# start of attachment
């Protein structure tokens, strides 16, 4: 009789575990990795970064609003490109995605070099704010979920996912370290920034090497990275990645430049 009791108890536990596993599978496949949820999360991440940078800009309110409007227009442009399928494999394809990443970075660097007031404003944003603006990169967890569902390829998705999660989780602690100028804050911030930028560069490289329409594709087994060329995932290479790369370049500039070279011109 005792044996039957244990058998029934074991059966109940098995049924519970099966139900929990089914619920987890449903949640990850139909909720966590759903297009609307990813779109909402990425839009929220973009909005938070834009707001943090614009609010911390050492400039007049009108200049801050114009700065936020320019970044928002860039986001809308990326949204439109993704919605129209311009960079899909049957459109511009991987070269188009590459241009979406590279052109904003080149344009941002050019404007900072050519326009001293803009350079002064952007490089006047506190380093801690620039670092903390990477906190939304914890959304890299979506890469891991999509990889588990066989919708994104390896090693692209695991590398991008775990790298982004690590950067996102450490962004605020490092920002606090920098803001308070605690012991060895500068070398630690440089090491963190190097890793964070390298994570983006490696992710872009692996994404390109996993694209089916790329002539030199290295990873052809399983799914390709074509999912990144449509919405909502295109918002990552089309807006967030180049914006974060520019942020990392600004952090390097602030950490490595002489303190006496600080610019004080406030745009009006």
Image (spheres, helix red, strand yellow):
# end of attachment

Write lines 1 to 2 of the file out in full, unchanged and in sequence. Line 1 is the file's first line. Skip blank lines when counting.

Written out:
């Protein structure tokens, strides 16, 4: 009789575990990795970064609003490109995605070099704010979920996912370290920034090497990275990645430049 009791108890536990596993599978496949949820999360991440940078800009309110409007227009442009399928494999394809990443970075660097007031404003944003603006990169967890569902390829998705999660989780602690100028804050911030930028560069490289329409594709087994060329995932290479790369370049500039070279011109 005792044996039957244990058998029934074991059966109940098995049924519970099966139900929990089914619920987890449903949640990850139909909720966590759903297009609307990813779109909402990425839009929220973009909005938070834009707001943090614009609010911390050492400039007049009108200049801050114009700065936020320019970044928002860039986001809308990326949204439109993704919605129209311009960079899909049957459109511009991987070269188009590459241009979406590279052109904003080149344009941002050019404007900072050519326009001293803009350079002064952007490089006047506190380093801690620039670092903390990477906190939304914890959304890299979506890469891991999509990889588990066989919708994104390896090693692209695991590398991008775990790298982004690590950067996102450490962004605020490092920002606090920098803001308070605690012991060895500068070398630690440089090491963190190097890793964070390298994570983006490696992710872009692996994404390109996993694209089916790329002539030199290295990873052809399983799914390709074509999912990144449509919405909502295109918002990552089309807006967030180049914006974060520019942020990392600004952090390097602030950490490595002489303190006496600080610019004080406030745009009006």
Image (spheres, helix red, strand yellow):